CymaBay board pushed for 50 cent top up to Gilead's $32.50 per share offer

Gilead placed its “best and final” offer to buy CymaBay on Jan. 30: $32.50 per share in cash. But the biotech’s board wanted exactly 50 cents more.

The hangup over two quarters (per share, mind you) were detailed in regulatory documents filed by CymaBay on Friday. The Securities and Exchange Commission documents reveal that CymaBay was being chased by several parties, but Gilead was the only one that ever made a formal offer, which added up to $4.3 billion overall. The companies announced the transaction on Feb. 12. 

CymaBay discussed possible deals with 22 biopharma industry companies between 2022 and into early 2024. Also included in the discussions, which didn’t necessarily focus on a full buyout, were Kaken Pharmaceutical, which Cymabay had a previous deal with, and four other unnamed main companies.

CymaBay and Gilead met at the J.P. Morgan Healthcare Conference in January 2023, during which the biotech presented an overview of the seladelpar program. The companies did not have any further discussions on an immediate transaction. 

But in September 2023, CymaBay announced that seladelpar had been successful in a phase 3 trial called RESPONSE in primary biliary cholangitis. The study achieved all primary and key secondary endpoints. Gilead’s Senior Vice President of Corporate Development Devang Bhuva reached out to CymaBay CEO Sujal Shah to congratulate him on the data—and to set up a call. 

Gilead wanted to know more about seladelpar to inform whether it was time to put in an offer to buy out the biotech. With more detailed data from the program due in November and a competitor preparing results in the same indication, CymaBay decided it was time to entertain Gilead. A meeting was held on Oct. 20, 2023 between the two companies. At the time, CymaBay was worth around $14.27 per share. 

Around this time, CymaBay also met with two other companies to discuss the seladelpar program, who expressed interest in a possible transaction. 

The additional RESPONSE data came out as planned, further strengthening the case for seladelpar and providing a $2 boost to CymaBay’s shares. Gilead’s Bhuva again called Shah for an update on the program.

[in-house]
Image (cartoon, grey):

On Nov. 20, Gilead CFO Andrew Dickinson and Bhuva called with the official offer: $23 per share, which Shah declined. The offer “did not provide a basis upon which the company would be willing to continue to explore a potential acquisition of the company or permit [Gilead] to advance to a more extensive phase of due diligence discussions.” On that same day, CymaBay’s shares closed at $18.66 apiece.

At a meeting to discuss the Gilead proposal, the board considered whether a formal auction process might be appropriate to seal a deal with a third party. Ultimately, they determined there were too many potential downsides to such a process and agreed that the company should pursue other parties that may be interested in an acquisition.

In December, CymaBay fielded numerous requests for more details from potentially interested companies. Then on Dec. 15, Gilead invited Shah to dinner with CEO Daniel O’Day and Bhuva.

At that dinner, Bhuva convinced Shah to continue with due diligence to help Gilead solidify whether it could up the ante.

Into January of this year, meetings with other aspiring parent companies took place to discuss seladelpar’s market opportunity. On Jan. 25, Gilead’s Bhuva and Dickinson came back with another offer: $31 per share plus a contingent value right that would bump up the value by $2.50 per share. Gilead wanted to lock in the deal within two weeks, or by Feb. 12.

CymaBay then reached out to the few other companies that remained interested, expressing that a credible offer had been submitted and they would have to indicate their level of interest in an acquisition to stay in the game.

On Jan. 29, financial advisors for CymaBay asked Gilead to up the offer, specifically increasing the amount of upfront cash instead of the contingent value right.

A day later, Gilead came forward with what was dubbed the “best and final” offer: $32.50 per share in cash, all payable upfront at closing. Gilead also tightened the deadline for the deal to be announced on Feb. 11.

CymaBay’s board met and decided to test Gilead’s willingness to up the offer to $33 per share, while also agreeing to finally grant the pharma access to further due diligence materials via a virtual data room that had been withheld up to this point. Gilead refused to add the 50 cents.

In early February, the remaining companies that had been entertaining an offer dropped out. Shah continued to push for $33 per share, but Gilead wouldn’t budge. Around this time, an application for seladelpar was submitted to U.K. and EU regulators for primary biliary cholangitis with pruritus (itchiness).

With the hours counting down, representatives from both companies met on Feb. 10 and 11 hashing out the final details of the merger, specifically the potential termination fee if the deal were to not go through. The deal was finally approved by CymaBay’s board on Feb. 11 and was announced the next day before the stock market opened.

Editor's Note: Gabrielle Masson contributed to this story.